For stencil cutters of Palakkarai, elections are no longer the same

Not many takers for their craft due to restrictions imposed on wall writings

It is election season, but business is dull for stencil cutters of Palakkarai in Tiruchi.

Until a couple of decades ago, when political parties and candidates, especially Independents, used stencils to popularise their symbols, elections used to bring substantial revenue to them.

Stencilling offered an easy way of painting symbols — by holding the thin sheet in place and painting over it with a brush — and anybody could print a symbol on the wall in no time.

But with the Election Commission bringing in restrictions on wall writings to prevent defacement of public places, there are not many takers for the technique these days.

“I have received just one order so far. I do not expect too many,” says K. Shanmugam, a stencil cutter at Palakkarai.

“A few Independents may come after their symbols are allotted. But these days, there is not much demand, except during local body polls when there are several candidates and fewer restrictions,” he points out.

A third standard drop out, Shanmugam, 47, has been in the family business since childhood.

There was a time when traders kept many stencils ready and hung them outside their shop so that partymen could purchase it across the counter. Nowadays, however, stencil makers take up work only when an order is placed.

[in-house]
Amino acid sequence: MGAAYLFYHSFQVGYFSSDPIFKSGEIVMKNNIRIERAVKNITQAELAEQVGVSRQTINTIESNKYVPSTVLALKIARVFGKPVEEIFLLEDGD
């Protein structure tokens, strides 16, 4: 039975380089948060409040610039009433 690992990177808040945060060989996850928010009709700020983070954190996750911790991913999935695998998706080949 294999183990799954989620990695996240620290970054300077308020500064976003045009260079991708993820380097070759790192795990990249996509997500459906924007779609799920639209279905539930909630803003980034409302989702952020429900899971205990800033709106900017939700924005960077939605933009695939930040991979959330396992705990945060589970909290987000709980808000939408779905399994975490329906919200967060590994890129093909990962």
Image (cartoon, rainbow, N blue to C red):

There are some 50 traders in the locality, but only a handful are skilled like Shanmugam. First, he paints the symbols on iron sheets by hand before carving out the stencil.

“This way, it takes about half-a-day to make a stencil, but the images come out clearer. We are just four or five here now who do it this way. There are others who stick a print of the image or symbol and cut the stencil,” he adds.

Nevertheless, Shanmugam feels that it is good that the Election Commission has restricted wall writings. He manages to eke out a living by doing stencils for other purposes. He also fabricates other products using iron sheets such as science models for college and school students for project work.

“Still it is a hand-to-mouth existence. I have two kids and I have to pay rent for the shop and house. When business is dull, I take loans to make both ends meet,” he says.

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Printable version | May 29, 2020 8:59:12 PM | https://www.thehindu.com/news/cities/Tiruchirapalli/for-stencil-cutters-of-palakkarai-elections-are-no-longer-the-same/article26592579.ece

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